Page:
Cincinnatus - Let's understand what is going on. The feedstock has not gone up in price. There was the opportunity for the refinery to make more money because of tight supply. They did. It was suggested that industry could threaten to mothball a refinery should government prevent them from maximizing profit. To nationalize one refinery is not the same as nationalizing an entire industry. The example I gave (Hydro-Quebec) showed that government could go all the way and nationalize an industry. If you need an example of a partial nationalization as proof of concept, Canada nationalized one company (Petro Fina) in the 1970's to act as loss leader if necessary during the oil crises of that time. The company (renamed Petro Canada) was later privatized, and Albertans still hate the Liberals for having prevented Alberta's private oil companies from maximizing profits during those years.
    9 Oct 2012, 02:19 AM Reply Like
  • Cincinnatus
    , contributor
    Comments (6187) | Send Message
     
    We know what's going on. There's no slack in supply, so every time there's a refinery shutdown (the most recent was due to a power substation failure serving a refinery, not a refinery failure) there are supply gaps and price spikes. Did you not read this is California specific precisely because of CA government policies?
    9 Oct 2012, 02:28 AM Reply Like
  • Cincinnatus
    , contributor
    Comments (6187) | Send Message
     
    According to this wikipedia entry you have the history and the motivation wrong. Seems much more plausible than a claim that government is going to be able to produce gasoline more cheaply than private industry.

     

    http://bit.ly/RsnO9L
    9 Oct 2012, 02:40 AM Reply Like
  • Rich in Quebec
    , contributor
    Comments (4831) | Send Message
     
    Cincinnatus - I made no claim as to its ability to produce more cheaply. Having a government owned company allowed a made in Canada price. The nationalization of Petro Fina was instrumental to the policy since it had a nationwide chain of gas stations. The idea was to prevent gouging. Albertans saw it as a means, yet again, to favor the central Canada industrial base (Ontario and Quebec) to the detriment of oil rich Alberta.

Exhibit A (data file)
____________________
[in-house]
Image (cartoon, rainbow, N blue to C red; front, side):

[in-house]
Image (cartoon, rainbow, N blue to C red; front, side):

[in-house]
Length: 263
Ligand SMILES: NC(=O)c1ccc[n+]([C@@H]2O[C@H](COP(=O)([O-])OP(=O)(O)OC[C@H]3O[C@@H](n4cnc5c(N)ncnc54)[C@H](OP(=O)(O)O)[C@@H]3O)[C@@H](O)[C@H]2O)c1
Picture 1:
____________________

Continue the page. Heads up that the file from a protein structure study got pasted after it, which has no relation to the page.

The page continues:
9 Oct 2012, 03:12 AM Reply Like
  • Cincinnatus
    , contributor
    Comments (6187) | Send Message
     
    Petrofina wasn't nationalized - in fact no company was nationalized. You're making claims that reveal you have no idea what you're talking about. Petro Canada was created in 1975 as a crown corporation, and six years later it purchased Petrofina's canadian assets. Petrofina was a Belgian company that merged with Total in 1999, long after you claim it was nationalized by the Canadian government. Fool me once shame on you, fool me twice shame on me.
    9 Oct 2012, 10:26 AM Reply Like
  • Rich in Quebec
    , contributor
    Comments (4831) | Send Message
     
    Cincinnatus - I lived through it. I guess I should have made it clear that PetroFina's CANADIAN assets were bought out and nationalized (made part of PetroCanada). The signs on the gas stations changed. You are getting lost on details. The original point was that government still had options if a private refinery were mothballed. The original comparison was with Hydro Quebec where you complained that an entire industry was being nationalized. That's why I brought up PetroCanada. Perhaps I should have kept it more graphic. If government can amputate all limbs (the Hydro Quebec example), it can surely amputate one limb (one mothballed refinery).
    9 Oct 2012, 11:59 AM Reply Like
  • Cincinnatus
    , contributor
    Comments (6187) | Send Message
     
    This isn't about details - this is about the fundamental basis of your claim. Petrofina wasn't nationalized. Some of their assets were sold to Petro Canada, which had nothing to do with any "nationalization" as you claim. Nationalization is a forced takeover of the private sector. Petro Canada simply successfully bid for assets that Petrofina wanted to divest itself of. Furthermore the creation of Petro Canada didn't nationalize any private sector entity that existed. Petro Canada was created as a crown corporation and assets the Canadian government already owned/controlled were transferred into it. After that it began buying assets from other companies just as any private sector company would do.

     

    Here's info on the Petrofina transaction.
    http://nyti.ms/Qchi7H

     

    In the end, none of this has anything to do with this market comment. California's government can't even run the State itself, they're not going to run a refinery efficiently nor will it make any dent in the CA gasoline market which suffers from supply constraints that have been a long time in the making and is due to the very government that you claim will fix the problem.
    10 Oct 2012, 03:06 AM Reply Like
DJIA (DIA) S&P 500 (SPY)
ETF Hub
ETF Screener: Search and filter by asset class, strategy, theme, performance, yield, and much more
ETF Performance: View ETF performance across key asset classes and investing themes
ETF Investing Guide: Learn how to build and manage a well-diversified, low cost ETF portfolio
ETF Selector: An explanation of how to select and use ETFs